So, you have used a computer for a couple of years now
and you make sure that you have a solid firewall and the latest
anti-virus/anti-malware tools installed and active. You clean/defragment/compress your disks regularly, and you back up your system automatically, to be sure that you are not at risk. Enough said, right!
WRONG. For your information, Hackers never sleep. Let me tell you what those midnight-oil burning Hackers have been up to, and refer you to a rather dry but worthwhile discussion that is definitely worth your time.
This is particularly true insofar as the threat, and damage, has not generally arrived yet. If you are forewarned, you just might recognize aberrant behavior in your digital ‘devices (including your car), and be able to correct the situation before it causes you damage, injury or a TON of money!
Did you know that:
- Text-message malware – While Smartphone viruses are still fairly rare, text-messaging attacks are becoming more common.
- “Hacking into smart grids – Smart grids might be vulnerable to attacks that would allow hackers to cut off electricity to homes and businesses and create other kinds of havoc.” It would also allow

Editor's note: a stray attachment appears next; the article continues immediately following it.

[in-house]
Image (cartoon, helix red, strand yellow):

them to actually change your electric meter – raising or lowering the amount of electricity used that is reported to the Electric Company – and YOUR BILL.
- Social network account spoofing. IS that new friend of a friend on your Twitter, Facebook, LinkedIn, Plaxo or other
Social Networking site ‘really’ safe?
- Cyberstalking – This has been widely reported on the TV Networks. Anything that causes a young person to take their own life MUST be eliminated!
- “Hackers controlling your car – The age of the connected car is dawning. Vehicles like the Ford Edge now provide 3G network access, a Wi-Fi router in the car, and the ability to tap into your home Wi-Fi network (only while parked).”
- “GPS jamming and spoofing: Threat or nuisance?
It is easy to jam GPS receivers with a low-cost jamming device like one sold by Brando. GPS spoofing could be used for serious crimes — transmitting information to a delivery truck that routes it into a dark alley where criminals are waiting, changing the timestamps on financial transactions, delaying emergency vehicles from finding
their routes. There have been no reported cases of GPS spoofing to commit a criminal act, but Johnston warns that government and business should work to deter the attacks.”